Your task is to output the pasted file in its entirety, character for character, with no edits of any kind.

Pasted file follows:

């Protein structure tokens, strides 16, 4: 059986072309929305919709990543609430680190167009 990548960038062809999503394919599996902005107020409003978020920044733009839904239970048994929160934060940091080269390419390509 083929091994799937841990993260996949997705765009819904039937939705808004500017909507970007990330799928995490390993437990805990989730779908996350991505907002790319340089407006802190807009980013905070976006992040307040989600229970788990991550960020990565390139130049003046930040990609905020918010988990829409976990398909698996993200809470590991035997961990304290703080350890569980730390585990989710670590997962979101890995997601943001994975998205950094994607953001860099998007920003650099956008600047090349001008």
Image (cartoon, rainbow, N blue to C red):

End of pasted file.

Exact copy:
């Protein structure tokens, strides 16, 4: 059986072309929305919709990543609430680190167009 990548960038062809999503394919599996902005107020409003978020920044733009839904239970048994929160934060940091080269390419390509 083929091994799937841990993260996949997705765009819904039937939705808004500017909507970007990330799928995490390993437990805990989730779908996350991505907002790319340089407006802190807009980013905070976006992040307040989600229970788990991550960020990565390139130049003046930040990609905020918010988990829409976990398909698996993200809470590991035997961990304290703080350890569980730390585990989710670590997962979101890995997601943001994975998205950094994607953001860099998007920003650099956008600047090349001008």
Image (cartoon, rainbow, N blue to C red):